In 1959 Stanley Kramer directed a film called ‘On The Beach’ – an adaptation of the book by Nevil Shute. Set in 1964, the film depicts a doomsday scenario whereby an atomic war has rendered the northern hemisphere uninhabitable.
Australia is the last country to succumb to the fallout, so with six months before the planet is poisoned the survivors on an American nuclear submarine head down under to play out their final days on earth.
One of the survivors, a scientist played by Fred Astaire, holds just one ambition before he faces the inevitable radioactive death – to race his Ferrari at the planet’s last ever Grand Prix.
And this got me thinking…
What, and where, would you drive if you knew your number was up?
Would you go for something small, exploitable and fast – a Clio Cup around Oulton Park perhaps? Or something wild and epic – an Enzo along the Blue Ridge Parkway in North Carolina?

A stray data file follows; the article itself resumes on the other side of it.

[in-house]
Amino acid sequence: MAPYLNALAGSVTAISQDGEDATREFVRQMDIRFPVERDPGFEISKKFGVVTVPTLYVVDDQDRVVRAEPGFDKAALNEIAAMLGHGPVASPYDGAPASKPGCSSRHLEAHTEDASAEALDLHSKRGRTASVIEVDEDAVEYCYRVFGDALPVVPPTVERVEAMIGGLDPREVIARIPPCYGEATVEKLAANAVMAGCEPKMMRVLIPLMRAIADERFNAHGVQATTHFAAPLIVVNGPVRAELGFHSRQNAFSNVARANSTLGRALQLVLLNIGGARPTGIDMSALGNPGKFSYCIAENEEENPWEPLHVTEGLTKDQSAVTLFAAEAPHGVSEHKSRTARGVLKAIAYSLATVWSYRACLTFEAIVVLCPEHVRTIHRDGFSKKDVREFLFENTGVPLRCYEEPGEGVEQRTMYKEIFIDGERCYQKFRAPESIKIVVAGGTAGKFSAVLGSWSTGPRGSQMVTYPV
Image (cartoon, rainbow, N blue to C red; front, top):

The drive would have to impale all that we love about the car: the engineering brilliance, the interactivity, the sound, the performance. It would have to excite, thrill and stir the soul.
This would be it, after all; the final drive.
For me, it’d have to be a Lotus Elise across Route Napoleon then east into the Alps. The problem is, I love the sound of the internal combustion engine and as brilliant as the Lotus is, the four-cylinder motor – supercharged or not – sounds flat.
The ultimate engine noise? Surely a V12. With that in mind I’d take the V12 supercar Lotus doesn’t build – the Pagani Zonda. I’ve been lucky to drive the Zonda, and in these days of technozeitgeist Ferraris and bludgeoning Bugattis, it remains the truest supercar out there.
Yep, give me a standard Pagani Zonda C12 S 7.3 coupe, Route Napoleon and a sunny day. Horacio’s ubercar might even outrun the fallout…